If you have trouble with poor digestion, then you have likely heard about digestive enzymes. These days, digestive enzymes are marketed to solve just about every lifestyle-related symptom associated with the Western diet.
Although not as popular as the probiotic market for healthy gut flora, the global digestive enzyme market was valued at over $800 million in 2016 and is expected to reach $1.6 billion by 2025.
In simple terms, digestive enzymes are proteins that help with the chemical breakdown of food into smaller and more absorbable components allowing us to draw nutrients from our diet.
And while there are many different types of enzymes, the three most common are amylase, lipase, and protease, which help with the digestion of carbohydrates, fats, and proteins respectively.
Protease is under our review microscope today as it is the primary enzyme at the heart of the MassZymes formula, and their bold claim of cranking your muscle gains to new heights. Take a closer look at this Masszymes review to see how the digestive enzyme supplement can help you get optimal digestion.
MassZymes is the product of the company BioOptimizers founded in 2004 by Matt Gallant and Wade Lightheart.
Starting life by marketing training programs to bodybuilders, the company later progressed to selling supplements to that same audience. The first formulation of MassZymes was launched in 2006.
Rebranded to BiOptimizers in 2014, the company states that its mission is to help humans shift from a sick unhealthy condition into a peak biologically optimized state—a state of existence where all of the body’s functions operate in perfect harmony.
The MassZymes formulation is split between a Tri-Phase Protease blend and an Enzyme Blend that also contains 105mg of the proprietary AstraZyme.
Below we cover some of the challenges of reviewing a product like MassZymes as well as take a deeper look at the key enzymes included in the formulation.
As far as we can tell, the MassZymes product is NOT manufactured in an FDA-approved GMP facility.
Making Sense of the Label
Here is the harsh reality—unless you are a licensed clinician, registered dietitian, or food scientist, you likely will not learn much from a simple glance at the product label.
Unlike other supplement ingredients, the labels on enzyme products do not use common measurement quantities of standardized units. Instead, each of the enzymes has a measure of potency unique to the class of enzyme and the molecules on which it works.
For simple comparisons, we can compare the measured potency of one enzyme in a dose with the potency of a competing product. But with no established need for supplemental or dietary enzymes, we can draw very few conclusions about the dose efficacy or safety.
Ingredient List (250 capsules)
|Serving Size: 3
Servings per container: ~83
|Amount Per Serving||% RDA|
|Tri-Phase Protease Blend (300,000 HUT)||551MG||**|
|Protease 6.0||30,000 HUT||**|
|Protease 4.5||255,000 HUT||**|
|Protease 3.0||180 SAPU||**|
|Malt Diastase||975 DP||**|
|Beta Glucanase||9 BG||**|
|AstraZyme (proprietary blend of proteolytic enzymes)||105mg||**|
** Daily Value Not Established
Other Ingredients: Vegetable Cellulose, Rice Bran, Water
Let us take a closer look at each of these ingredients and what they are intended to do. If you are not interested in these details, feel free to skip to the next section of our MassZymes review. However, we recommend that you take a look as a digestive enzyme supplementation is not magical and your understanding of what you are ingesting makes all the difference.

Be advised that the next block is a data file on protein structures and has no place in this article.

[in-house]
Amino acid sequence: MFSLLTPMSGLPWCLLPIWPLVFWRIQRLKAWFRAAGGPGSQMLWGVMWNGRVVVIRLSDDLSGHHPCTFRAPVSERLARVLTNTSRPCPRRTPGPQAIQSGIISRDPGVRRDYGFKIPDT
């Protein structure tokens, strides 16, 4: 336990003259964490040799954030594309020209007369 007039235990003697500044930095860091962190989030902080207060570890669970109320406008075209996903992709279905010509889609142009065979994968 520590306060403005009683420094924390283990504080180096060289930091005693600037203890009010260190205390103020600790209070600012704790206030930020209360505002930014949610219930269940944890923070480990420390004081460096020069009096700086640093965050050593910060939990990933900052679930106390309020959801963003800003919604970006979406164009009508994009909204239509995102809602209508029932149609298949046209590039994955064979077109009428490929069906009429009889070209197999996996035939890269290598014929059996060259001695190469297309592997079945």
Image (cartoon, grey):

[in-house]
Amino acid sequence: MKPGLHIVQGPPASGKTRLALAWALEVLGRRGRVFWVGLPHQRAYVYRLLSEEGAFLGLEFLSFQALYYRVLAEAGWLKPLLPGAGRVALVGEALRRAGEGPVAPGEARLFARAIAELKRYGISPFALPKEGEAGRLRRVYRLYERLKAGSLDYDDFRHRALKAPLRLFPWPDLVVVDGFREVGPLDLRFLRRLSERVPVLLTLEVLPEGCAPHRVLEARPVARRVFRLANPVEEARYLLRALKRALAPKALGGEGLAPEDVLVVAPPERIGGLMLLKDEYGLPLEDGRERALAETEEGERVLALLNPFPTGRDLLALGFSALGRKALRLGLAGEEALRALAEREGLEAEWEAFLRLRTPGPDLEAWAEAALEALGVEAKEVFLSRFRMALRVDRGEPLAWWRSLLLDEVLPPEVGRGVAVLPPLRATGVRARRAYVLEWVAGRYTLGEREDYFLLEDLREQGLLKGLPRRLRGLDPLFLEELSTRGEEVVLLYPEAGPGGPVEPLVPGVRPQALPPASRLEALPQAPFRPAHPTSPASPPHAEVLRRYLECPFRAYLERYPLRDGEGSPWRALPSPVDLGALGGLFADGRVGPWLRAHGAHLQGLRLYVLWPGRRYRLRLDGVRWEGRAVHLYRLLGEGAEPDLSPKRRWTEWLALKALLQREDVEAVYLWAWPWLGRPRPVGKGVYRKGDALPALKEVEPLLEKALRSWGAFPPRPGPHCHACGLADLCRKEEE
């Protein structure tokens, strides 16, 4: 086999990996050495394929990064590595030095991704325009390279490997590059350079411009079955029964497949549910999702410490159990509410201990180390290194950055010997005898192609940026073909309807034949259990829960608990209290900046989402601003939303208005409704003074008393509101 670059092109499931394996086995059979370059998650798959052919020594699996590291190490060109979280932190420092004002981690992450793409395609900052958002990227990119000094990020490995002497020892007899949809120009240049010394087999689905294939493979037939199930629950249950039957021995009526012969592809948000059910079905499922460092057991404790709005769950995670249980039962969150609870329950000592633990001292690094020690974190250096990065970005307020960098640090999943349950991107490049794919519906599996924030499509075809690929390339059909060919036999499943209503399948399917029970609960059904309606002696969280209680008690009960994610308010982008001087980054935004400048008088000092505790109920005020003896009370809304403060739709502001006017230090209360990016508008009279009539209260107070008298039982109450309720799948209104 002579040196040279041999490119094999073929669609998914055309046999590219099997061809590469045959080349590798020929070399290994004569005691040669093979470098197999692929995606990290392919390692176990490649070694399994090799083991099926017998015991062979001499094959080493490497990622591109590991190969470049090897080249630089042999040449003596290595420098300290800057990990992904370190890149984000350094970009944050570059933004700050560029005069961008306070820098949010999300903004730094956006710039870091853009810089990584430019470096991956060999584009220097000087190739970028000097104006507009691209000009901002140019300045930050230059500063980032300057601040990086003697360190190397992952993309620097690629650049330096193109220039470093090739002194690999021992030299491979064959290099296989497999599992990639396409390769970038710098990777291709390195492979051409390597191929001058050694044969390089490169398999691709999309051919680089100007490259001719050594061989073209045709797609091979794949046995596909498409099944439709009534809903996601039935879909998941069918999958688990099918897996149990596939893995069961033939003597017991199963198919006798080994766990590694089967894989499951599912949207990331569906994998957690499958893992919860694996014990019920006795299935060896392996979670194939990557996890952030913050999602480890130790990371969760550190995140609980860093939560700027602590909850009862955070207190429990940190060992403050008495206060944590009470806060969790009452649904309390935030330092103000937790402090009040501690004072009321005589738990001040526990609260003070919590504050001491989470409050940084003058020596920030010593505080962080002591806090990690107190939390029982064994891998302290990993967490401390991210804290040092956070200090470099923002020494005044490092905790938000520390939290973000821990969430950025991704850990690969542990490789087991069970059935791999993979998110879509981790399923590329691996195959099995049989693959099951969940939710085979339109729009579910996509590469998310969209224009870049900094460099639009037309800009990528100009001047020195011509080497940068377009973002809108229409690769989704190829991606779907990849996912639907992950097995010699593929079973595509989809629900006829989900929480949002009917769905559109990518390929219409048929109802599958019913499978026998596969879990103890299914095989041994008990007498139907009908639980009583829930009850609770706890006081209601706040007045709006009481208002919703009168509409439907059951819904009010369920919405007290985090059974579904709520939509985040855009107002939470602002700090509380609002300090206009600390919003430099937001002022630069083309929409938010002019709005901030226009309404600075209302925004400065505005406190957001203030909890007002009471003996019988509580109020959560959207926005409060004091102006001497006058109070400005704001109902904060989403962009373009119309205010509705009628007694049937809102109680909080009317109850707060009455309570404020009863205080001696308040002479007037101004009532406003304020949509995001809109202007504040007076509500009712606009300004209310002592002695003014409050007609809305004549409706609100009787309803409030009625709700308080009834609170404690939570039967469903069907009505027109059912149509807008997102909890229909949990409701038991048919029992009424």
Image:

Protease is the class of enzyme responsible for catalyzing the breakdown of proteins into amino acids and is the enzyme at the heart of the MassZymes product claims. The MassZymes formulation specifically calls out both the amount of protease—100,000 HUT per capsule—and the fact that the protease formulation is stable across the full spectrum of PH levels.
The protease blend in MassZymes is taken from Aspergillus oryzae and Aspergillus niger. Both are on the generally recognized as safe (GRAS) list of the Food and Drug Administration (FDA) in the United States.
When it comes to protein-digesting enzymes, protease is the star of protein digestion. As stomach acid declines, protease might decrease in effect. That is why a digestive enzyme supplement that contains protease can be helpful.
Peptidase is just another protease variant that works through hydrolysis—the process of breaking down larger protein molecules into peptides and amino acids. To digest food, your body needs peptidase to help move things along.
Amylase is an enzyme found in our saliva and pancreatic fluid that is the catalyst for the breaking down of starches into sugars, helping us digest and derive energy from carbohydrates.
When you chew your food, amylase gets to work breaking down starches into a simple sugar called maltose. This is why rice, pasta, and other starchy foods can eventually taste sweet once you have been chewing them for a while—that is the maltose.
There are no dosing or efficacy guidelines for amylase outside of medical prescriptions for specific conditions and/or diseases.
The enzyme bromelain is extracted from pineapple and has the ability to help digest proteins. It is also reported to be able to pass through the intestinal wall and into the bloodstream, although further research is needed to understand how bromelain survives the digestive system.
There is some evidence to suggest bromelain acts as an anti-inflammatory and decongestant. When taken on an empty stomach early evidence shows promise in benefiting the immune system and protecting the body from cancer. Overall, if you have trouble eating solid food and want better nutrient absorption, bromelain can help.
This next enzyme, alpha-galactosidase, is commonly used in formulations to help reduce gas and bloating. It works by helping break down the complex carbohydrates in foods. It is the primary enzyme in Beano—an OTC medicine that has been available since the early 1990s.
Because complex carbohydrates help maintain healthy gut flora, you probably want to make sure you are able to include them in your diet. That is why alpha-galactosidase is a great addition to your digestive supplement.